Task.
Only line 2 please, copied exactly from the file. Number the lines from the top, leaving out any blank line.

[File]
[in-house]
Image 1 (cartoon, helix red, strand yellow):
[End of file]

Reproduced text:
Image 1 (cartoon, helix red, strand yellow):